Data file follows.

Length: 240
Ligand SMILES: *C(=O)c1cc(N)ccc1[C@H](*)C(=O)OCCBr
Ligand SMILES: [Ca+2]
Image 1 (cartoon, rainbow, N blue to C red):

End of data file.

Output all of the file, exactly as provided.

Length: 240
Ligand SMILES: *C(=O)c1cc(N)ccc1[C@H](*)C(=O)OCCBr
Ligand SMILES: [Ca+2]
Image 1 (cartoon, rainbow, N blue to C red):